The National Food Strategy Part 2 has called on the government to act on further recommendations to build a healthier society.
Food entrepreneur Henry Dimbleby’s landmark report, sets out a wide range of measures that aim to improve nutrition and diet across the UK, while also creating a more sustainable farming system.
Cheap and highly processed food is taking a significant toll on our bodies and long-term health. 80% of processed food sold in the UK is unhealthy. Furthermore, because there is a bigger market for unhealthy food, companies invest more into developing and marketing it.
The report details 14 recommendations that need urgent attention and action. Covid-19 has highlighted the problems and the lack of support aimed at children living in the most deprived areas. The National Food Strategy also states that children living in those areas are less likely to be eating healthier, home cooked meals:
“Poverty causes high levels of stress, sleeplessness and cognitive overload. Numerous studies have shown how scarcity of money, food or time affects cognitive processes, in effect narrowing mental “bandwidth”. This can result in people making decisions that go against their long-term interests. People from the poorest households are much less likely to adopt healthy behaviours – such as planning and cooking meals from scratch – because all their energy is taken up with coping in the short term.
“Whatever the government’s other “levelling up” priorities may be, there is a particular urgency to the problem of helping low income families eat well.”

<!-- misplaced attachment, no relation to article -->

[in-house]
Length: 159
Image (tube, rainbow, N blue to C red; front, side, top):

Recommendation number 4
This recommendation calls on the government to extend eligibility for free school meals. Only 20% of children in the poorest socio-economic class who would have to pay for school meals do so.
The government should:
- Raise the household earnings threshold for free school meals (FSMs) from £7,400 to £20,000
- Extend eligibility to children who are undocumented or have No Recourse to Public Funds (NPRF)
- Enrol eligible children for free school meals automatically.
Following these recommendations, the number of children accessing free school meals would increase by 1.1 million, at a cost of £555m per year.
June O’Sullivan, chief exec of the London Early Years Foundation (LEYF) said:
“With children aged 4-6 in the most deprived households twice as likely to have obesity compared to those in the least deprived households, never has there been a more pertinent time for food education to be central to the national curriculum – and this must include the Early Years.
“Whilst initiatives such as the LEYF Chef Academy and professional qualification help bridge this gap, more robust measures must be introduced at Government level to support the diets of those living in the most deprived neighbourhoods. It’s absolutely scandalous that in 2021, children are coming to nursery hungry and parents are having to access the daily food banks which we now provide as an essential necessity.”